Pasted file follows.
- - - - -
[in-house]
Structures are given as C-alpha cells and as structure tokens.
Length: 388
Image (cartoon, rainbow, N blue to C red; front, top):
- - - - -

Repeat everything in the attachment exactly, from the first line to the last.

[in-house]
Structures are given as C-alpha cells and as structure tokens.
Length: 388
Image (cartoon, rainbow, N blue to C red; front, top):